EA.STERN TOWNSmpS BANK
v. VERMONT NA.T. and another.
BANK OF ST. ALBANS
(Uircuit (hurt, D. Vermont.
October 22, 1884.)
BANKS AND BANKTNG-LOAN-FAILURE OF BANK-PAYMENT.
A., the presid'llllt of defendant, a national bank in Vermont, applied to th(t plaintiff, a banking corporation in Canada, for a loan for his railroad of $50,000, which he had been unable to obtain from defendant. Plaintiff's manager told him the money could not be loaned as an individual loan, as its individual loans were too near the limit allowed by law, but that it would deposit that amount with defendant if desired. A. assented, and they agreed the deposit should draw interest at 6 per cent. while it remained, and that bonds should be deposited as security. Plaintiff drew two drafts for the amount on a Boston bank, delivered them to defendant and received the collaterals, and entered the transaction on its books as a loan to defendant. Defendant indorsed the drafts, forwarded them to the Boston bank, from which it received credit for them, and has always retained their avails. About a year afterwards defendant failed, and a receiver was appointed, who rejected the claim Of plaintiff when presented for payment, and defendant brought suit. Held, that the transaction was not a loan to A. individually, but to defendant; that plaintifi was entitled to a judgment, to be paid by the comptroller from the assets ratahly with other claims; and that the amount due should be adjusted as of the time when the receiver was appointed, and so certified by the receiver to the comptroller, to be paid in due course of administration.
At Law. Edwards, Dickerman rf Young and George F. Edmunds, for plaintiff. George W. Hendee and Luke P. Poland, for defendant. WHEELER, J. rrhis cause has,on stipulation of the parties in writing, beeu tried by the court. The plaintiff is a corporation located and doing banking business at Sherbrooke, Canada. The defendant was organized as a national bank under the laws of the United States, located at St. Albans, Vermont. It had seven directors, one of whom resided in Montreal, Canada, and took no active part in its business. Its president owned about three-fourths of its capital stock, and was largely interested as owner of stocks and bonds in several railroads in Canada and the United States. These railroad companies were largely indebted to the defendant on paper iqdorsed by him, and he was individually so indebted on his own paper. As the railroad enterprises turned, the railroad companies, the president, and the defendant were badly insolvent. As was within fair expectation, they were solvent, and were supposed to be so. The president wanted $50,000 to use, and could not be accommodated with that amount by the defendant. He applied to the manager of the plain. tiff, at its banking.house in Sherbrooke, for a loan of that amount, and proposed to put tip bonds of one of the railroads as collateral, and probably stated that defendant had not funds from which to make the loan as a reason for applying to the plaintiff. The manager of the plaintiff told him that it had funds sufficient from which
EASTERN TOWNSHIPS BANK ". VERMONT NAT. BA.NE.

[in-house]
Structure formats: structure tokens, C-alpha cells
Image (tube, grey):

to make the loan, and would do so, but that the individual loans were so large in proportion to its deposits in other banks, and so near the limit allowed, that the loan to him could not be made; that it could deposit in one bank as well as another, and would deposit that amount with the defendant if he desired. He assented to this proposal, and they agreed that the deposit, while it remained, should draw interest at 6 per cent., and that the same collaterals should deposited as security. Thereupon the manager of the plaintiff drew two drafts of $25,000 each in favor of the defendant on the National Exchange Bank of Boston, delivered them to the president of the defendant, and received the collaterals, and entered the transaction in the plaintiff's books as a loan to the defendant. The president made the transaction known to the Montreal director, who made no question about it,. and took the drafts to the banking.house of the defendant, in St. Albans, and delivered them to the cashier in the presence of the vice-president, who were directors, and acquainted them with the transaction, to which neither made any objection, and they received the drafts into the assets of the defendant, and credited the amount as a deposit to the plaintiff in the books of the No other such loan was ever made by the defendant; no vote of the directors was ever taken authorizing or ratifying it; and no conference was ever had among them concerning it, except as stated, and no objection was ever made by any of them to it. The drafts were indorsed in the usual course by the officers of the defendant, and forwarded to its correspondent in Boston, from which it received credit for them, and it has always retained their avails. It is claimed that in reality this was a loan to the president of the defendant, individually, and not to the defendant, and that it was put in the form it was to avoid the limit upon individual loans by the plaintiff. But it is f9und, as a matter of fact, from the evidence, that the loan to the plaintiff was refused because of that limit; that the loan was made to the defendant upon its own credit as a real transaction between the two banks, and not as a cover for any other transaction, and that it was proposed by the manager and assented to by the president, and carried out between them, because it would accommodate the defendant and enable it to accommodate the president. This result was accomplished to some extent, but no loan or advancement of this amount, or of any amounts aggregating this amount, or near this amount, was made by the defendant to the president. It was enabled to accommodate him more by means of this deposit, and did so, but made no particular l!>dvance to him because he procured the deposit to be made. He was endeavoring to promote the interests of all his enterprises, including the defendant as one of them, withont intending to sacrifice that to any of the others; the plain. tiff's manager was intending to ml;1ke what would be for it a proper loan to or deposit witli the defendant. The defendant twice paid interest to the plaintiff on the loan, bringing it up to May 21, 1883,